• 10 common isomorphism invariants:
• Has n vertices
• Has m edges
• Has a vertex of degree k
• Has m vertices of degree k
• Has a circuit of length k
• Has a simple circuit of length k
• Has m simple circuits of length k
• Is connected
• Has an Euler circuit
• Has a Hamiltonian circuit
Using invariants to disprove isomorphism
• If any of the invariants have different values for two different graphs, those graphs are not isomorphic
• Use the 10 invariants given to show that the following pair of graphs is not isomorphic
Trees
• A tree is a graph that is circuit-free and connected
• Examples:

A graph made up of disconnected

trees is called a forest

Applications of trees
• Trees have almost unlimited applications
• You should all be familiar with the concept of a decision tree from programming

> 10

Math 120

Score on Part II

> 10

Math 110

 10

Score on Part I

= 8, 9, 10

Score on Part II

> 6

Math 110

< 8

Math 100

 6

Math 100

Parse trees
• A grammar for a formal language (such as we will discuss next week or the week after) is made up of rules that allow non-terminals to be turned into other non-terminals or terminals
• For example:
• <sentence>  <noun phrase><verb phrase>
• <noun phrase>  <article><noun> | <article><adjective><noun>
• <verb phrase>  <verb><noun phrase>
• <article>  a | an | the
• <noun>  DJ | beat
• <verb>  plays | spins
• Make a parse tree corresponding to the sentence, "The DJ plays a funky beat"
Describing trees
• Any tree with more than one vertex has at least one vertex of degree 1
• If a vertex in a tree has degree 1 it is called a terminal vertex (or leaf)
• All vertices of degree greater than 1 in a tree are called internal vertices (or branch vertices)
A property of trees
• For any positive integer n, a tree with n vertices must have n – 1 edges
• Prove this by mathematical induction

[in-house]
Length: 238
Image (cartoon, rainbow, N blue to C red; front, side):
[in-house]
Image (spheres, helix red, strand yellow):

• Hint: Any tree with 2 or more nodes has a vertex of degree 1. What happens when you remove that vertex?
Rooted trees
• In a rooted tree, one vertex is distinguished and called the root
• The level of a vertex is the number of edges along the unique path between it and the root
• The height of a rooted tree is the maximum level of any vertex of the tree
• The children of any vertex v in a rooted tree are all those nodes that are adjacent to v and one level further away from the root than v
• Two distinct vertices that are children of the same parent are called siblings
• If w is a child of v, then v is the parent of w
• If v is on the unique path from w to the root, then v is an ancestor of w and w is a descendant of v
Rooted tree example
• Consider the following tree, rooted at 0
• What is the level of 5?
• What is the level of 0?
• What is the height of this tree?
• What are the children of 3?
• What is the parent of 2?
• What are the siblings of 8?
• What are the descendants of 3?

0

3

4

1

2

5

6

7

9

8

Binary trees
• A binary tree is a rooted tree in which every parent has at most two children
• Each child is designated either the left child or the right child
• In a full binary tree, each parent has exactly two children
• Given a parent v in a binary tree, the left subtree of v is the binary tree whose root is the left child of v
• Ditto for right subtree
Binary tree applications
• As we all know from data structures, a binary tree can be used to make a data structure that is efficient for insertions, deletions, and searches
• But, it doesn't stop there!
• We can represent binary arithmetic with a binary tree
• Make a binary tree for the expression ((a – b)∙c) + (d/e)
• The root of each subtree is an operator
• Each subtree is either a single operand or another expression
Full Binary Tree Theorem 1
• If k is a positive integer and T is a full binary tree with k internal vertices, then T has a total 2k + 1 vertices and has k + 1 terminal vertices
• Prove it!
• Hint: Induction isn't needed. We just need to relate the number of non-terminal nodes to the number of terminal nodes
Full Binary Tree Theorem 2
• If T is a full binary tree with height h, then it has 2h+1 – 1 vertices
• Prove it using induction!
Generalizing that result
• If T is a binary tree with t terminal vertices and height h, then t 2h
• Prove it using strong induction on the height of the tree
• Hint: Consider cases where the root of the tree has 1 child and 2 children separately
Next time…
• Spanning trees
• Graphing functions
Reminders